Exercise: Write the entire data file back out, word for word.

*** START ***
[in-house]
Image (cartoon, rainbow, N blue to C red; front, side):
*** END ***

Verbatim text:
[in-house]
Image (cartoon, rainbow, N blue to C red; front, side):